Yesterday, Canada printed a very strong follow-through for their economy… Following up on the fourth quarter 3.1% growth, first quarter GDP printed at 3.9%… I would think that Bank of Canada Governor Carney, would back off his concern that the strength of the Canadian dollar/loonie (CAD) wasn’t a problem for the economy… Or maybe I’m just “wishin’, and hopin’, and thinkin’ and prayin’” that he would… But for some strange reason, something keeps telling me that Carney isn’t going to use the strong loonie to his advantage. Why would he? He was educated here and at Oxford… Same old teachings to economists that become central bankers… Let’s see… There’s another one on the tip of my tongue… Oh yeah! Big Ben Bernanke!

So… In the end, the loonie has everything going for it right now… A strong economy… Oil over $100 (actually at $102 this morning)… And their other raw materials rising in price. Yes, all the things that scream “rate hikes” … Maybe, eventually, Carney will see the writing on the wall! Until then, the loonie should remain underpinned by the strong data…

OH! And the Bank of Canada (BOC) meets this morning to discuss rates… With Carney’s current frame of mind on the strength of the loonie, I doubt that we’ll see a rate hike today…

And then in Brazil… Where just a couple of weeks ago it looked like the government’s attempts to stem the gains in the real (BRL) were beginning to work… The real goes on a 3-day rally that has the currency back below 1.60…

And as I look at the screens, gold and silver are posting positive numbers, this morning… Silver continues to work its way back in the good graces of metals investors, and gold just carries on despite all the calls for the opposite to happen to the shiny metal… Not from me, of course! But from people that don’t “get it” about gold…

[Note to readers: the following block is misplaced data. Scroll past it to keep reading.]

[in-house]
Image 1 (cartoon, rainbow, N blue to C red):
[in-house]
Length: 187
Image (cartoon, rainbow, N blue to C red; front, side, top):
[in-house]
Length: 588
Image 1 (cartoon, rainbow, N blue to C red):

And then here in the US we just finished a week where we saw below-forecast economic growth, and a weaker-than-expected consumer spending number for the first quarter… And foreclosures that are really gearing up again. Then we’ll end this week with a Jobs Jamboree… The downside risks for jobs growth will hang over the markets this week, like the Sword of Damocles… Until we get to Friday, however, when we have some other data that won’t be dollar-friendly…

First, today, we’ll see the color of the March S&P/CaseShiller Home Price Index, which will most likely show further rot on the vine for home prices… And with each disappointing data print, the whispering campaign for further stimulus that began last week (but that Pfennig readers knew about for months) will get a little louder…

And with a quick look to the “bond page” on my Bloomie, I see that 10-year Treasury yields continue to slip (3.10%)… Well with US yields grinding lower, the rate differentials – which I talked about as coming back as a fundamental for currencies – just work against the dollar…

The “other country with a huge debt burden” (Japan) saw Moody’s put their credit rating on review for a possible downgrade… The rating agency, Fitch, had announced the same thing last Friday… I really don’t think that these shots across Japan’s bow by the ratings agencies have much to do with the yen’s ability to remain strong or not… Basically, yen (JPY) is weaker today because of the rise in risk appetite… Which means that dollars and yen get sold…

Then there was this… From USA Today

Two years have passed since the Great Recession ended, but the US recovery is weak. Previously, deep US recessions were followed by robust rebounds, but that’s not happening this time. A survey by the Pew Charitable Trusts found that 55% of Americans think the US economy is poor. “We’re two years into a recovery, and everybody’s yelling, ‘Are we there yet?’” says Wells Fargo economist Mark Vitner. “You should be putting the recession behind you and talking about where growth is coming from. Instead, we’re still dealing with residual problems from the recession.”